Playoff picture

It’s never too early to start speculating:

> It’s starting to look like a 10-6 wild card team will be left out of the AFC playoffs while the winner of the AFC West will be in at 9-7.

> The battle for that final wild card spot looks like it will be between the loser of the Jets-Pats game, the loser of the Steelers-Ravens game and potentially Indianapolis if they lose to the Chargers this week.

> The current Super Bowl line is NFC +3 (up from a +1.5 open), which seems like a pretty good bet to us right now.

The pick

This is a trap game. You’ve probably heard that a dozen times this week. Part of the definition of a trap game is that, even though you see it coming (as Mike Tomlin and the Steelers claim they do), you can’t do much to stop it. There is one way, and only one way, to avoid a trap game: Execution, not preparation, not emotion, execution. No fumbles, no blown coverages, no throws into coverage, no missed tackles, all of that for 60 minutes. Execution allows talent to prevail. The Steelers offensive gameplan will not change. Try to get Ben Roethlisberger in rhythm, get Rashard Mendenhall 20 touches, take a few shots downfield, control the clock, touchdowns instead of field goals. On defense is where it gets interesting. As we mentioned last week, Ryan Fitzpatrick can do a serviceable Tom Brady impression if you allow him. The Steelers can’t allow that. They need at least five sacks today and they must cover the checkdown routes much, much better than they did against the Patriots (where they were severely hindered in the second half by the loss of Lawrence Timmons). Here’s an indication of how bad the Bills’ offensive line is: Kraig Urbik, who could not even get onto the active roster for much of the past two seasons as part of the Steelers’ shaky line, will start at guard for Buffalo. Pittsburgh must exploit that and keep Fitzpatrick from finding his groove. If they do this could get ugly. If they don’t, this could get ugly. Either way, ugly … Steelers (-7) 34, Bills 17.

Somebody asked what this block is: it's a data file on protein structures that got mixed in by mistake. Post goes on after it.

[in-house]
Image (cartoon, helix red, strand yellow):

Prediction record

Last week: Steelers win, Raiders (+7) cover; CORRECT, INCORRECT

Season straight up: 4-6, .400

Season vs. spread: 2-8, .200